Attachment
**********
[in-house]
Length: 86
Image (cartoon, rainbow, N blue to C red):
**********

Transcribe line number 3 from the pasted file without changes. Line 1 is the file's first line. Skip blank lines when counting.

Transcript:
Image (cartoon, rainbow, N blue to C red):